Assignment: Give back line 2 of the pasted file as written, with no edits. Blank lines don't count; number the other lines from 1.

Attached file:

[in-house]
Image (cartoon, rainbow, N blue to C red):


Image (cartoon, rainbow, N blue to C red):